At a recent event in Ottawa on income inequality, the moderator, The Hill Times publisher Jim Creskey, opened the discussion with the following quote:
Some people continue to defend trickle-down theories which assume that economic growth, encouraged by a free market, will inevitably succeed in bringing about greater justice and inclusiveness in the world. This opinion, which has never been confirmed by the facts, expresses a crude and naive trust in the goodness of those wielding economic power and in the sacralized workings of the prevailing economic system.
It was a bit of a surprise to some that the statement comes from Pope Francis. The quote from Evangelii gaudium (2013) is direct and uncompromising in its criticism of the global economic system. It also affirms the need for justice and confirmed, to me at least, that faith communities have an important voice in this conversation.
Income inequality is increasing globally and in Canada. The recently released Oxfam report, An Economy for the 1%, highlights the incredible finding that 62 of the world’s richest people own as much wealth as the 3.6 billion poorest. This trend is closely accompanied by a concentration of political power and voice as well as the declining influence of workers and unions.
In Canada, the gap might not seem as drastic, but it’s there. The Institute for Research on Public Policy’s new book, Income Inequality: The Canadian Story, indicates that there has been a decline of the middle class in Canada. This is in part because of changes to the tax and transfer system in the mid-1990s. Even marginal increases for some demographics have not countered the overall rise in living costs, the public deficit in underfunded infrastructure, and the erosion of social supports. And so, poverty persists in Canada. Indigenous people, recent immigrants and refugees, single parents, and children bear much of the burden of failed and inadequate policy measures.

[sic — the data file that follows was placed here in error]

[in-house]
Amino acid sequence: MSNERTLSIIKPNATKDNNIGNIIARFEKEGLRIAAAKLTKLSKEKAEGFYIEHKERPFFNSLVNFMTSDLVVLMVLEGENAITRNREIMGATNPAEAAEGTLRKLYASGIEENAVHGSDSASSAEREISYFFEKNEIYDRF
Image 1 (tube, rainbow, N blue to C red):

Perhaps we don’t need much convincing that there is a problem, even a crisis. The gap between those who have and those who do not seems to be ever-widening. We have diagnosed the problem and the impacts of income inequality. But we also need to identify a way of looking at economic change and improving policy directions.
We tend to look first for solutions by redistributive measures through the tax and transfer system. Certainly, governments should take important income redistribution measures, including the federal government’s new Canada Child Benefit. This will provide an income-tested supplement to families and potentially raise significant numbers of children out of poverty.
But more broadly, we need to understand what makes market systems more just and fair. This means finding new ways to live our economic lives together. We could enact policies such as living wages and fair compensation. We can also work with models that faith communities have long supported in Canada and elsewhere, such as co-operative movements and social economy networks.
We must consider those things we share in common as social goods. This includes affordable social housing, childcare, and healthcare, which need ongoing investment and support.
In Evangelii gaudium, Pope Francis states that “the dignity of each human person and the pursuit of the common good are concerns which ought to shape all economic policies.”
A faith perspective places human dignity, the common good, and the integrity of creation at the centre of economic life. Faith communities are calling for public justice. We want to see Canada’s public policy decisions reflect this understanding of what living together as a beloved community means.
Increasing income inequality reflects a systemic flight from that deeper understanding.
Our leaders have the difficult task of developing strong policy that responds to the needs of everyone. It is essential that they are guided by sound knowledge of how these structures and systems work.
Faith communities must ensure that what is most important in our lives together – care for each other and the earth – claims a space at the centre of our social, political, and economic lives.